Legacy of Mitchell Report Unclear

The Mitchell Report on the use of steroids by major league players is as fraught a phrase for baseball as the name Pete Rose. NPR's Scott Simon talks with Howard Bryant, Weekend Edition's sports commentator and senior writer for ESPN.com, about what it means to the sport.

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SCOTT SIMON, host:

Time now for baseball.

(Soundbite of music)

SIMON: There may be a big, fat asterisk next to all the baseball records since the mid-1990s signifying steroids. This week, former Senator George Mitchell issued his report about the use of steroids in baseball and said that performance-enhancing drugs in the sport have been deep and pervasive.

Our friend Howard Bryant of ESPN.com wrote "Juicing the Game: Drugs, Power, and the Fight for the Soul of Major League Baseball." He joins us now from his home. Howard, thanks for being with us.

Mr. HOWARD BRYANT (Senior Writer, ESPN.com; Author, "Juicing the Game: Drugs, Power, and the Fight for the Soul of Major League Baseball"): Good morning, Scott.

SIMON: And is baseball different today than it was on Wednesday?

Mr. BRYANT: I don't think so. I don't think baseball is going to be any different than it's been for the last 10 years in terms of attendance, in terms of interest, in terms of the discussion. Where the difference will lie is five, six, seven years from now when these players come up for the Hall of Fame, and then you'll see what this era really meant if you have people like Barry Bonds and Mark McGwire and Roger Clemens who aren't in the Hall of Fame; that will tell you everything you need to know about how this era was interpreted.

SIMON: I want to play a clip from Senator Mitchell's interview with NPR's Robert Siegel on the day that he delivered the report. And Senator Mitchell conceded this.

(Soundbite of archived recording)

Mr. GEORGE MITCHELL (Former Democratic Senator, Maine): I do believe that it's a minority of players who used these substances. But I also said, and even emphasized, that it's clear that I didn't learn everything. I don't know every name of every supplier. I don't know the name of every user.

SIMON: So exactly how useful is a report that is acknowledged to be less than comprehensive?

Mr. BRYANT: Well, I think the sensation of the names was a short-term bombshell. I think, over time, you're going to look at this report and it's going to list more and more and more thin. Number one, it's a three-source report. It's a report about the government. The government had the power to compel certain individuals to talk because they were facing jail time: You have BALCO; you have Brian McNamee, who is Roger Clemens' trainer; you have Kirk Radomskiy, the New York Mets clubhouse assistant who was arrested last year. The information in this report all came from those three sources and newspaper and magazine articles. You didn't have a whole lot of physical evidence in the report. They talk about how there is culpability across the board yet there is no section in this report that details what Commissioner Bud Selig could have done or didn't do…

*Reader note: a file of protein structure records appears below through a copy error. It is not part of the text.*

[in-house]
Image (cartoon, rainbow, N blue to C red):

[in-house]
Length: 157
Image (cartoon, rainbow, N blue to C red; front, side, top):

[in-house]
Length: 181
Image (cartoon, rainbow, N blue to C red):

SIMON: Yeah.

Mr. BRYANT: …or where his responsibilities lie. It pretty much lays on the players as people thought.

SIMON: Well, let me follow up on that because we, you know, we've necessarily concentrated on the big names like Roger Clemens, but there's some pretty…

Mr. BRYANT: Well, sure.

SIMON: …big names among - because, I mean, Tony La Russa, a great, beloved manager.

Mr. BRYANT: The Tony La Russa who went on "60 Minutes" in the report, and essentially says to George Mitchell that he lied on "60 Minutes" because he wanted to make Jose Canseco look bad because he believed that Canseco was impugning Mark McGwire's reputation. I mean, you're looking at…

SIMON: Yeah.

Mr. BRYANT: …some of these things and you see some of the front office foibles that…

SIMON: Theo Epstein, the beloved boy wonder general manager of the Boston Red Sox.

Mr. BRYANT: Exactly. To me, Scott, the most important thing or the most revealing thing in the report was looking at the back chatter between the general managers and how much they actually turn their backs from this and what they really, really knew especially because you have Theo Epstein with a e-mail message going back and forth about Gagne - Eric Gagne and his potential steroid use and yet he still signs the guy.

SIMON: Yeah.

Mr. BRYANT: It's across the board.

SIMON: Well, in the 20 seconds we have left, Howard…

Mr. BRYANT: Yeah, sure.

SIMON: Should there be like a big, fat asterisk that just says the '90s, this was the era of steroids, approach all these stats with suspicion?

Mr. BRYANT: With caution. Yeah. I think there should be - and I think, if nothing else, either they report or Bud Selig over the next few months needs to come out and say something about it. He needs to have a public discussion about the record book.

SIMON: Howard Bryant, our friend from ESPN.com and ESPN the magazine. Thanks so much.

Mr. BRYANT: Thank you.

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